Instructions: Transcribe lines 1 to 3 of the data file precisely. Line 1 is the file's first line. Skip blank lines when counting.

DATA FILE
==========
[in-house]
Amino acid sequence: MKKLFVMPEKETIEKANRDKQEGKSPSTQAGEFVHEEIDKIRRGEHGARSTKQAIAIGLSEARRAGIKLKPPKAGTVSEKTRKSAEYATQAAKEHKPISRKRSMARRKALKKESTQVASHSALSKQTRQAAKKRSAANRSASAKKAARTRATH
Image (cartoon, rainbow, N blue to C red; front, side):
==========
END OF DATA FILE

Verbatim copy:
[in-house]
Amino acid sequence: MKKLFVMPEKETIEKANRDKQEGKSPSTQAGEFVHEEIDKIRRGEHGARSTKQAIAIGLSEARRAGIKLKPPKAGTVSEKTRKSAEYATQAAKEHKPISRKRSMARRKALKKESTQVASHSALSKQTRQAAKKRSAANRSASAKKAARTRATH
Image (cartoon, rainbow, N blue to C red; front, side):